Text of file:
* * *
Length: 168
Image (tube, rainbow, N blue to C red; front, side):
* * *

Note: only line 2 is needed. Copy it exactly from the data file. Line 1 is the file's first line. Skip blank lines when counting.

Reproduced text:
Image (tube, rainbow, N blue to C red; front, side):